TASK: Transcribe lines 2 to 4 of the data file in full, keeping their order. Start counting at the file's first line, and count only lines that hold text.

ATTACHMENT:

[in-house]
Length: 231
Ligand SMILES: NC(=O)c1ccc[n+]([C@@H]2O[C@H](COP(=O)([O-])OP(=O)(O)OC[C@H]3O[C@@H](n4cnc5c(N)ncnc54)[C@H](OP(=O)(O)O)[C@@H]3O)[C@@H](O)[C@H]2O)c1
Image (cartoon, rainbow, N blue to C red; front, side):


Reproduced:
Length: 231
Ligand SMILES: NC(=O)c1ccc[n+]([C@@H]2O[C@H](COP(=O)([O-])OP(=O)(O)OC[C@H]3O[C@@H](n4cnc5c(N)ncnc54)[C@H](OP(=O)(O)O)[C@@H]3O)[C@@H](O)[C@H]2O)c1
Image (cartoon, rainbow, N blue to C red; front, side):